If you've been running your place well and choosing the right people to work for you, then you shouldn't have any serious trouble as the employment numbers improve. I'm guessing though, based on some recent statistics and from what I've heard anecdotally from friends and clients that that you're in the minority. It seems that even with some recent improvements, a lot of folks – approximately half the working population according to the numbers – are still miserable at work.

If you’re one of those people, I’ll tell you again – no amount of pay is worth doing something you detest, at least not for very long. We deserve to feel fulfilled in our lives and I’ve seen it proven over and over again that it’s possible, even under the direst circumstances. For those of you still feeling stuck, it usually it comes from some inner shift; when external shifts are necessary, they’re often far easier than we expect.

That’s not to say that we can’t expect to have down days too. It’s probably the German in me that believes in a strong work ethic that helps us battle our way through the tough times. Developing some sense of entitlement that we should love every minute of every day of our employment serves no useful purpose. Just because loyalty is significantly reduced on all sides these days doesn’t mean that the whole work ethic ought to go by the wayside too. On balance, though, if we can’t say that we feel good about what we do, shouldn’t we be doing something different? That goes both for management and for staff.

Managers, are you listening? Sooner or later, staff will figure this part out – or the economy will continue to rebound and you’ll be dealing with a seller’s market again instead of a buyer’s market. Either way, as soon as employees feel like they have better options, they’ll start making changes that will impact you. Perhaps you’ve already begun to notice the shifts.

If you’ve been treating people well all along and creating an environment conducive to good productivity, then most likely you’ll be further rewarded for your efforts. If you’ve been one of those who has gotten complacent and at least subconsciously counted on the fact that your staff all feel stuck and without other options, it’s starting to look like you won’t have that hammer much longer. Now is a good time to plan what sort of meaningful changes you want to make in yourself and your work environment to improve your chances of success down the road.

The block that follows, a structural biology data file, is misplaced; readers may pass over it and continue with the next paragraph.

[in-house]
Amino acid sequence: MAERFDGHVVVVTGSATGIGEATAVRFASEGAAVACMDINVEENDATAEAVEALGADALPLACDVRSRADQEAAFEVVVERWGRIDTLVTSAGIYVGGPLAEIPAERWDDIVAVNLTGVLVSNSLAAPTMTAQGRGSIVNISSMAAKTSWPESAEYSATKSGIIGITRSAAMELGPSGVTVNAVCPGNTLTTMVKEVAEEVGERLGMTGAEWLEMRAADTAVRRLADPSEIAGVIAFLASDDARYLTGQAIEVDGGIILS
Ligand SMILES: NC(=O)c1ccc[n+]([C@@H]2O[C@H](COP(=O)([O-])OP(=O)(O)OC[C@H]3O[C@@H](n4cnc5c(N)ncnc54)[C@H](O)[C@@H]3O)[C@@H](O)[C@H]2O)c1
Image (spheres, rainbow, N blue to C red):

Offering training is a good start. Not only does training help improve job performance, a recent SSPA survey detailed in Call Center Magazine confirms what many of us have known for a while – that training is a great motivator too. Geeks like to learn stuff so if you make that possible in addition to offering fair pay, you’ll be making some real progress toward closing the gap. Finding ways to improve your own skills, reconnect with what’s authentically you and helping your employees do the same is another key.

I’ve always believed we have the power to create our own sense of happiness, joy, and fulfillment – it’s not something that’s handed to us though it certainly helps to make the tools available by which this happens. To address this issue to some extent, I’m currently in the midst of facilitator training for Laura Berman Fortgang’s “Now What?: 90 Days to a New Life Direction” program. For anyone who might be interested, I plan to start offering this program to 1-1 clients and to small groups starting the end of April or early May. I figure it rounds out the leadership development I already offer on the corporate side of things.

What else are you doing as managers to ensure the health and productivity of your organization or what would you like to see done? Send your ideas to me at and let's start shaping a future worth having.

What are you doing to get or stay unstuck?